National and regional HCUP data include dental related care. The following dental relevant manuscripts have been published using HCUP data.
|Selected HCUP Dental Relevant Reports and Publications|
|Nalliah, R.P., Allareddy, V., Elangovan, S., Karimbux, N. Hospital based emergency department visits attributed to dental caries in the United States in 2006, Journal of Evidence Based Dental Practice 2010;10(4):212-22.|
|Shortridge, E.F., Moore, J.R. Use of emergency departments for conditions related to poor oral healthcare: implications for rural and low-resource urban areas for three states, J Public Health Management Practice 2009 May-Jun;15(3):238-45.|
|Simpson, L., Owens, P.L., Zodet, M.W., Chevarley, F.M., Dougherty, D., Elixhauser, A., McCormick, M C. Health care for children and youth in the United States: annual report on patterns of coverage, utilization, quality, and expenditures by income, Ambulatory Pediatrics 2005 Jan-Feb;5(1):6-44.|
|Chevarley, F.M., Owens, P.L., Zodet, M.W., Simpson, L.A., McCormick, M.C., Dougherty, D. Health care for children and youth in the United States: annual report on patterns of coverage, utilization, quality, and expenditures by a county level of urban influence, Ambulatory Pediatrics 2006 Sep-Oct;6(5):241-264.|
The Consumer Assessment of Healthcare Providers and Systems (CAHPS®) program is a public-private initiative to develop standardized surveys of patients' experiences with ambulatory and facility-level care. The CAHPS program is funded and administered by AHRQ, which works closely with a consortium of public and private organizations. Health care organizations, public and private purchasers, consumers, and researchers use CAHPS results to—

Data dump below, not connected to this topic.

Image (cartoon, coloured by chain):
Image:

- Assess the patient-centeredness of care.
- Compare and report on performance.
- Improve quality of care.
In 2006, the CAHPS Consortium voted to adopt a Dental Plan Survey developed by the American Institutes for Research (AIR) in collaboration with TRICARE as an official CAHPS survey. (TRICARE is the Department of Defense's health plan for military personnel and their dependents.) AIR and TRICARE had been working since October 2004 to develop this survey for measuring patients' experiences with their dental plan and its services. The CAHPS Dental Plan Survey is currently being used to evaluate dental programs that cover over 2.8 million lives and soon will expand to over 3.5 million covered lives. It is available for use by States, purchasers, and other organizations interested in assessing, improving, and reporting on the quality and value offered by dental plans.
4. Health Promotion/Disease Prevention
AHRQ has supported the following projects to promote oral health through education, events, or other activities.
Q-SPAN: Expanding and Improving Quality of Care Measures
Expansion of Quality of Care Measures (Q-SPAN) is a project of AHRQ (formerly the Agency for Health Care Policy and Research) designed to strengthen the science base of quality measurement while expanding the scope and availability of validated, ready-to-use measures. Q-SPAN builds on past work in quality measurement by public and private organizations through eight cooperative agreements to develop and test additional clinical performance measures for specific conditions, patient populations, and health care settings.
Once the new measures are ready for use, they will be added to the more than 1,200 performance measures included in AHCPR's Computerized Needs-Oriented Quality Measurement Evaluation System (CONQUEST), a unique software tool for helping health plans, providers, and others identify, understand, evaluate, and select clinical measures to assess and improve the quality of the health care they provide.
Clinical Performance Measures for Dental Care Plans (HS-9453)
James Bader, D.D.S. University of North Carolina at Chapel Hill
Project Dates: September 30, 1996 - September 29, 1998